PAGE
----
April 25, 2024
4 Ways Gardening Can Help You Sleep

Aside from tweaking your bedroom interior, investing in a good mattress, and curbing bad habits before bedtime, spending time in your garden can also improve your sleep.

The duration of sleep (7-9 hours), depth of sleep, and continuity (the length of uninterrupted sleep per night) are three important factors when it comes to getting some good quality slumber. But with this in mind, how exactly can gardening help?

      ‘From the physical workout that gardening provides to simply being out in the sunshine during the day can all serve to improve your sleep, which can provide multiple benefits to daily life,’ explains Shannen Godwin, growing expert at leading bulb company J. Parker’s. ‘It’s not just gardening that can improve your sleep but what you grow. From relaxing lavender to jasmine, your garden can be a sleep-inducing haven.’

      1. Spending time in the garden can improve your circadian rhythm

          One of the most important ways to improve sleep is to work with your circadian rhythm – this is your sleep/wake cycle or body clock.

          Your body uses daylight as a cue for energy and darkness as a cue to prepare for sleep, but so often our body misses these natural cues, as we use bright lights on our devices at night and may spend the daytime inside working, and therefore not getting enough natural daylight.

          In fact, a study by Oxford University found that getting outside each day is the best way to regulate your body clock, which, in turn, can help you sleep.

          ‘Getting out in the garden with a cup of tea in the morning is a great way to get that wake-up daylight hit. Spending time in your garden during the day will expose your body to around 20,000 lux of light, whereas inside light levels can often be less than 3,000 lux – which can confuse your body clock,’ the team at J. Parker’s explain.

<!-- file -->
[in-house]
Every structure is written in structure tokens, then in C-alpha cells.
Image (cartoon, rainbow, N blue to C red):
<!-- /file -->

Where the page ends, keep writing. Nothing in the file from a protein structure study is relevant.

view into garden

          John KeebleGetty Images

          2. Gardening can help you fall asleep quicker

          Gardening is known to be a full-body workout. Any gardener will tell you how well they sleep after a day in the garden! The hard labour of digging alone makes gardeners crash out with exhaustion at the end of the day, but there are many sleep benefits to even the gentlest of gardening tasks.

          Whether digging, planting bulbs, watering plants, or general pottering, the average person will burn between 175 and 300 calories per hour gardening. This kind of exercise can be vital for relieving stress and improving your mood, helping you to feel energised during the day. Additionally, exercise can often improve sleep quality by reducing the time it takes to fall asleep at night.

          woman gardening, planting a poppy, close up

          Guido MiethGetty Images

          3. Grow sleep-inducing plants in your garden

          Growing your own plants can bring joy, relieve stress and improve your mood, but there are a few plants that are ideal for helping to improve your sleep.

          Lavender can bring colour and bees to your garden, but when the flowering season is over, why not cut and dry the lavender to create lavender pillows for your bedroom? Lavender is known to increase relaxation and calm, perfect for winding down before bed.

          Meanwhile, Jasmine is a great plant that not only offers beautiful flowers for your garden but also a wonderfully relaxing scent that is shown to help relieve anxiety and promote restful sleep.

          Another plant known to induce sleep is gardenia. Often found in herbal sleep medicines, bringing a few cut flowers into your bedroom will help the flowers emit their powerfully relaxing scent.

          lavender, jasmine and gardenia plants

          Getty Images

          4. Gardening = lower stress = healthy sleep

          Access to a garden can lead to significantly lower stress levels which can, in turn, promote a more restful night’s sleep with a greater percentage of deep restorative sleep too.

          J. Parker’s explain: ‘We know that stress can lead to us tossing and turning at night, but spending time in your garden is a great way to alleviate that stress as you reconnect with nature. So much so that some GPs have partnered with the Royal Horticultural Society to prescribe people with garden and nature prescriptions.’

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